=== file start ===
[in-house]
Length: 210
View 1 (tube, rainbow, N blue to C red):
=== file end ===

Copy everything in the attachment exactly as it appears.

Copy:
[in-house]
Length: 210
View 1 (tube, rainbow, N blue to C red):